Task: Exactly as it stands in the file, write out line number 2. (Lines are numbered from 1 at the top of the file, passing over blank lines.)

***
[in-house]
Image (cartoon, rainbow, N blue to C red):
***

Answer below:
Image (cartoon, rainbow, N blue to C red):